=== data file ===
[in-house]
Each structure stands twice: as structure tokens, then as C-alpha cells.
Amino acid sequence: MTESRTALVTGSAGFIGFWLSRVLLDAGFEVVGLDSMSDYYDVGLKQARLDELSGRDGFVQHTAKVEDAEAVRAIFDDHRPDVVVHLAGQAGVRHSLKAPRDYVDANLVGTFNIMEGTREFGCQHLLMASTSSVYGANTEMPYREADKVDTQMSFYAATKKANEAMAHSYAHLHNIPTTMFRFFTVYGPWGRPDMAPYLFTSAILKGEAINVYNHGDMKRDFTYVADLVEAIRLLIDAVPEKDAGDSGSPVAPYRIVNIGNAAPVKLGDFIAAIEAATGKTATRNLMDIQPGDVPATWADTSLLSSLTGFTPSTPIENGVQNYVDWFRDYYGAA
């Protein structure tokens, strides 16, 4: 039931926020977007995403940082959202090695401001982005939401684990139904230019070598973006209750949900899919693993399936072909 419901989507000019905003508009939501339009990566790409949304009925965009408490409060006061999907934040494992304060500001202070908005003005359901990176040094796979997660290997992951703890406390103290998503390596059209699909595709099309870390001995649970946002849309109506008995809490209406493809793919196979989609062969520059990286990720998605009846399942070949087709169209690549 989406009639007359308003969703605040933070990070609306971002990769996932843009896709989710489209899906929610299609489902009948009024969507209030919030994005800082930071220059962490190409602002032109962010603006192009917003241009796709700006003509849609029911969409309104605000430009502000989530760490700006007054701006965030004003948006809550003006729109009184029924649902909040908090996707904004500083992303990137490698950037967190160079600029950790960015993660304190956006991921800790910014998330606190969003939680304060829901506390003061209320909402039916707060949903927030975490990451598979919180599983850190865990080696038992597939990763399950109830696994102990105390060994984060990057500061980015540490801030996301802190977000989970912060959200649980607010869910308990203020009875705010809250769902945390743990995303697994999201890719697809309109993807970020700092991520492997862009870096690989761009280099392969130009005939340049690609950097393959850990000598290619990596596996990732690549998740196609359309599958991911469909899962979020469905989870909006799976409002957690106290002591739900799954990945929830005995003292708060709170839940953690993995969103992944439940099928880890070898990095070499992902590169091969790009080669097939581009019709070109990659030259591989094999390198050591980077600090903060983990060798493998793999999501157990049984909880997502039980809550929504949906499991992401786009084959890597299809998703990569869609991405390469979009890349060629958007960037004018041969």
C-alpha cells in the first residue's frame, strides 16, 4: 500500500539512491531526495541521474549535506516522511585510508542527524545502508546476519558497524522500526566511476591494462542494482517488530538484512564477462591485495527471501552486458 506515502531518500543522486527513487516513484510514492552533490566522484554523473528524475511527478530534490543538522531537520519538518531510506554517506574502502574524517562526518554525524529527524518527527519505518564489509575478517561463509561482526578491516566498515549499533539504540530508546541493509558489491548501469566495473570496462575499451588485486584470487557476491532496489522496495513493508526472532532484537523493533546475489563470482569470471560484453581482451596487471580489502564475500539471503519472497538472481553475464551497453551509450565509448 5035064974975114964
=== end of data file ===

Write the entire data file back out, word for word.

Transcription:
[in-house]
Each structure stands twice: as structure tokens, then as C-alpha cells.
Amino acid sequence: MTESRTALVTGSAGFIGFWLSRVLLDAGFEVVGLDSMSDYYDVGLKQARLDELSGRDGFVQHTAKVEDAEAVRAIFDDHRPDVVVHLAGQAGVRHSLKAPRDYVDANLVGTFNIMEGTREFGCQHLLMASTSSVYGANTEMPYREADKVDTQMSFYAATKKANEAMAHSYAHLHNIPTTMFRFFTVYGPWGRPDMAPYLFTSAILKGEAINVYNHGDMKRDFTYVADLVEAIRLLIDAVPEKDAGDSGSPVAPYRIVNIGNAAPVKLGDFIAAIEAATGKTATRNLMDIQPGDVPATWADTSLLSSLTGFTPSTPIENGVQNYVDWFRDYYGAA
């Protein structure tokens, strides 16, 4: 039931926020977007995403940082959202090695401001982005939401684990139904230019070598973006209750949900899919693993399936072909 419901989507000019905003508009939501339009990566790409949304009925965009408490409060006061999907934040494992304060500001202070908005003005359901990176040094796979997660290997992951703890406390103290998503390596059209699909595709099309870390001995649970946002849309109506008995809490209406493809793919196979989609062969520059990286990720998605009846399942070949087709169209690549 989406009639007359308003969703605040933070990070609306971002990769996932843009896709989710489209899906929610299609489902009948009024969507209030919030994005800082930071220059962490190409602002032109962010603006192009917003241009796709700006003509849609029911969409309104605000430009502000989530760490700006007054701006965030004003948006809550003006729109009184029924649902909040908090996707904004500083992303990137490698950037967190160079600029950790960015993660304190956006991921800790910014998330606190969003939680304060829901506390003061209320909402039916707060949903927030975490990451598979919180599983850190865990080696038992597939990763399950109830696994102990105390060994984060990057500061980015540490801030996301802190977000989970912060959200649980607010869910308990203020009875705010809250769902945390743990995303697994999201890719697809309109993807970020700092991520492997862009870096690989761009280099392969130009005939340049690609950097393959850990000598290619990596596996990732690549998740196609359309599958991911469909899962979020469905989870909006799976409002957690106290002591739900799954990945929830005995003292708060709170839940953690993995969103992944439940099928880890070898990095070499992902590169091969790009080669097939581009019709070109990659030259591989094999390198050591980077600090903060983990060798493998793999999501157990049984909880997502039980809550929504949906499991992401786009084959890597299809998703990569869609991405390469979009890349060629958007960037004018041969």
C-alpha cells in the first residue's frame, strides 16, 4: 500500500539512491531526495541521474549535506516522511585510508542527524545502508546476519558497524522500526566511476591494462542494482517488530538484512564477462591485495527471501552486458 506515502531518500543522486527513487516513484510514492552533490566522484554523473528524475511527478530534490543538522531537520519538518531510506554517506574502502574524517562526518554525524529527524518527527519505518564489509575478517561463509561482526578491516566498515549499533539504540530508546541493509558489491548501469566495473570496462575499451588485486584470487557476491532496489522496495513493508526472532532484537523493533546475489563470482569470471560484453581482451596487471580489502564475500539471503519472497538472481553475464551497453551509450565509448 5035064974975114964